flapbook script

| 5 Comments

As before, I'll post this as a project update on the flapbook site, but before I bother with writing about it, I wanted it on a server instead of just local. I turned down the JPEG quality, but it's still 300K (it's being scaled to fit in this blog. Scalable outside it.)

The update here is that I have the code fairly correct for turning the pages with the Kindle-esque page controls. It gets a bit wonky if you only go halfway then come back. The flaps all now flap, too, but once you get through the book, only the flaps on pages on the left will work. As proof-of-concept, though, and with the assets I had, I believe I'm very close.

5 Comments

It's like a magic book!

This is really coming along nicely! Do you think this form has longer term potential for researchers to be able to study these texts? I am wondering if there is a way to have zooming feature or if that is even needed? Nice work, Dave!

The library is interested in different ways of presenting data to researchers, and they're considering this sort of application. I think there's more potential for research beyond the engagement/manipulation aspects- one of my initial experiments involved animating high resolution scans that could withstand zooming and offer clearer detail on enlargement. I figured that if this was the way libraries presented the asset, it would be wise to consider font researchers, for instance; or those interested in printing techniques. These research topics would require a closer inspection. I went on to use lower res images because of size and web delivery problems.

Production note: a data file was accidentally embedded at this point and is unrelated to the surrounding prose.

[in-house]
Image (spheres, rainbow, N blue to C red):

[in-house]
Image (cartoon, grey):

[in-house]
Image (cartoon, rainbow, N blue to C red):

As another quick note, at the recent meeting, I mentioned the ease with which repairs could be made to torn and disfigured pages and the dilemma of deciding how much is ethical. Sandra Stelts, Curator of the Libraries magnificent Rare Books and Manuscripts Collection, suggested two versions. One could be created to facilitate manipulation, the other (possibly non-flipping?) version could be higher res assets with no "corrections". Once the asset is skillfully digitized, different types of presentation would be short work.

I think. Don't quote me.

Very interesting! (BTW I am the person who left the second comment -- didn't capture my identity). I wonder how we should proceed with this type of project. I want to support the faculty and I'd really like to find a way to make this a real showcase of the new potential these tools have to support research questions. Again, great work.

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